Good theatre sends you spiralling through a whole range of emotions. Tears from laughter or from sadness can be equally as expected when you walk through the doors of a playhouse, with all the other feelings in between fair game too. But very rarely does a show jump as quickly, and successfully, through emotions as The Night Alive. Violent, tense, but also funny and sweet, the piece is a fabulous experience, and one which sticks long in the memory.
All set in one room, Connor McPherson’s play tells the tale of Tommy, a middle aged father who has abandoned his family, and is just about struggling to get by with his one pal Doc. Life is meandering by as usual until Tommy runs into Amy after she has been attacked by her boyfriend Todd. Written down here it all sounds rather bleak, but situations are milked for big laughs to relieve a bit of the tension.
At the heart of this all is the unfortunate Doc. While he starts out as a bit of a sidekick, he quickly becomes key to the whole show. Whether delivering the funniest lines in the piece, inspiring heart break with tales of his life, or being the subject of horrific violence, his plight is the most affecting in the play. While Laurence Kinlan stands out in this role, the whole cast are excellent. A special mention must be made for Ian Lloyd-Anderson, whose Todd is a genuinely terrifying force of nature.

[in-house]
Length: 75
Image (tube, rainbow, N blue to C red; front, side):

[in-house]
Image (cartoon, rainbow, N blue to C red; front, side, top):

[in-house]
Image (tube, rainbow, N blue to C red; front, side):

This run at the Dublin Theatre Festival is The Night Alive’s Dublin debut, but it feels like it was born to be performed here. While the script ventures into philosophy and grander themes in the third act, for the most part this is a play grounded in a bleak reality. Whether it is Tommy’s Uncle Maurice being heartbroken over the death of his wife, Amy’s alluded-to drug habit, or some unspeakable actions with a hammer, harsh set pieces are scattered liberally throughout the show. It feels like a play inspired by the back alleyways of the city, and one which highlights the struggles, and the successes, of some who live there.
While this desolate attitude is the driving force behind much of the plot, there are moments of light in there. But these are probably the weakest parts in the piece. Though briefly aiming sky high with existential themes, and even hints of a successful love story, The Night Alive works best down in the gutter, with the dark humour and shocking scenes proving far more memorable than anything else.
There is a lot more to be said for The Night Alive. The set is a beautiful mess, music cues add a cinematic quality throughout, and it is wonderfully directed. But it is really this jarring mood that makes it so successful. All at once it is sad, violent, funny and intense. The 1 hour 45 minute run times flashes by, with the excellent script and wonderful performances carrying the audience through a real ride. Bleak, yet strangely beautiful, this is comes highly recommended.
The Night Alive was performed at the Gaiety Theatre as part of the Dublin Theatre Festival. This coverage of the festival was made possible thanks to Travel Supermarket. For more information to travelling to Dublin, click here.